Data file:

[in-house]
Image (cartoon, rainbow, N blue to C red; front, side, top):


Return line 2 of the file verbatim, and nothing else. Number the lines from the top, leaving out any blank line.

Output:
Image (cartoon, rainbow, N blue to C red; front, side, top):